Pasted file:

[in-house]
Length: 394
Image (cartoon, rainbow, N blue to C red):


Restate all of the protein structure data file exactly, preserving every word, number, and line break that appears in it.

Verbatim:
[in-house]
Length: 394
Image (cartoon, rainbow, N blue to C red):